The Benefits of Team Building Exercises in the Workplace

Mon, Sep 24, 2012


Bring any business consultant into a dysfunctional workplace, and the first thing they’ll suggest is trying out some team building exercises. This will usually draw raised eyebrows from upper management and a mix of snickers and groans from the staffers that are forced to take part. But the fact remains that team building exercises can be hugely beneficial for relationships, communication and workflow in the office. Teamwork doesn’t happen automatically. It takes work and dedication to create it, as well as the interest and support of those in charge. If you’re willing to deal with the jokes and put in the work anyway, here are just a few of the benefits of team building exercises in the workplace.

The first and probably most important benefit is improved relationships with coworkers. Just because people work at the same company doesn’t mean they are similar people, or will immediately get along. And if you have a busy office where results are all that people care about, chances are there hasn’t been much time set aside to get to know one another. While you don’t necessarily need everyone in your department to be best friends, it certainly helps if they like each other and root for one another’s success. After all, that’s what teamwork is all about. While those relationships can develop at a happy hour or work party, doing some revealing and fun team building exercises can break down walls in a hurry, and avoid keeping those relationships relegated to various cliques.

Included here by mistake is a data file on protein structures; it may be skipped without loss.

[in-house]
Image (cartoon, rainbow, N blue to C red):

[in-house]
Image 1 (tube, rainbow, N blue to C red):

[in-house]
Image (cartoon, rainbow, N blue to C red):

Communication is also crucial for success at work. Some offices do feature people working independently, but most companies are divided into departments, which are then sub-divided into smaller teams with managers. How well those teams communicate with each other and the company as a whole can improve performance and efficient use of time while minimizing costly mistakes. It’s often the case in large companies when people don’t communicate that work gets repeated or some major piece of a campaign or project gets left out. People are not naturally effective communicators. It must be taught and developed. Rather than forcing people into long, boring communication classes, incorporate those techniques into fun team building exercises. By placing people in scenarios that aren’t focused on work but require strong communication, you’ll insure each team member becomes more comfortable with each other and with communicating what they need, when they need it.

Problem solving is also a key factor in an effective workplace. When issues arise, you don’t want employees that will just try to brush them under the carpet, pass the buck or point fingers. The best employees embrace problems as opportunities to distinguish themselves. And in many instances, problems are solved more quickly when a group of people works them out together. Team building exercises have been created that set up physical and mental problems, and force a group of people to solve them together. It won’t always be pretty, but it will be helpful.

Finally, teamwork can only happen if people trust each other. The team building exercises that are often most ridiculed are the ones designed to create that trust between coworkers, such as falling into each other’s arms, untying human knots or standing up in a group. While they may be awkward at first, they always work despite people’s misgivings. Without trust in the workplace, gossip abounds and people only look out for themselves. When trust is there people look out for each other, praise their successes and help in times of need. Check out the Fradley Croft team building company for some examples of exercises that would work for your department. But while any of these may feel uncomfortable at first, trust in their proven efficacy and you’ll be more than happy that you did.

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